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July 2003-July 2010InteractiveDig Sagalassos
General view of the Northeast Building excavations from the west. The conservation team repairs the north arcade on the left, the corridor with the east arcade's brick pier is visible to the right. The excavation above the cistern encroaching upon the street is to the right of the corridor.
Excavations in the street to the south of the Northeast Building. The collapsed brick pier is clearly visible. A corresponding in situ pier can be seen behind the facade.

Photos courtesy Sagalassos Archaeological Research Project. Click on images to enlarge.
by Marc Waelkens

Upper Agora: July 11-15, 2004

During the second week excavating in the Northeast Building on the Upper Agora, we succeeded in delimiting the corridor preceding the row of (work)shops. Doing so gave a better idea of how the interior of the building may have looked. The corridor, 4.70 m (N-S) by 8.40 m (E-W), is bordered on its north and east sides by arcades. The northern arcade consists of three brick arches that originally gave access to different shops in the back of the building. Limestone columns supported the brick arches; the columns were bearing rectangular blocks of the same material, which were being reused as a kind of impost capital. The eastern arcade probably dates to an older period and consists of two high arches (1.20 m) resting on solid brick piers. What kind of space they provided access to is unclear, but it was bordered on the east by a well-preserved mortared rubble wall, which, as mentioned last week, does not seem to be perpendicular to the north wall of the workshops. Through its (south) facade the corridor could be entered by a series of doors or arched openings, some of which eventually were walled up. The openings allowed entrance from the colonnaded street, which must have been one of the main entrance routes leading to the Upper Agora. Contrary to what was suggested in last week's report, there was no change in the street's or structure's direction. The aforementioned apparently differently oriented part of the Northeast Building's front wall exposed last week was the result of heavy damage, which had cut off one of its edges obliquely. Next week, we will further examine the corridor in front of the shops.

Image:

We continued excavating above the eastern part of the cistern. The cistern is located south of the building and encroaches upon the colonnaded street in front of it. In this area we completely removed a thick destruction layer, which contained the remains of a huge collapsed brick pier. Since this pier measures 1.05 by 1.55 m and is also similar in construction to the piers that support the eastern arcades of the corridor, the eastern row of arcades may have continued farther south before the current front wall of the Northeast Building was built. If so, the Northeast Building originally must have contained only a row of brick arcades in front of its east wall and only later did it receive a second row of more roughly constructed and smaller arches of spolia, or reused marble, in its northern part. Its south wall, made of mortared rubble, probably belongs to the same later building phase. That a huge brick pier like the one exposed broke off further attests the magnitude of the earthquake which struck the city around the middle or second half of the seventh century A.D. Since the last campaign, our seismological team (D. Simillox-Tahon, M. Sintubin) was able to use the evidence from a test sounding along one of the historical faults inside the city (see Field notes 2003, Seismological studies) to establish its magnitude at probably 6.4 to 6.8 on the Richter scale. Next to the pier the upper part of some worked limestone blocks were still in place. They may have belonged to a honorific monument along to the colonnaded street.

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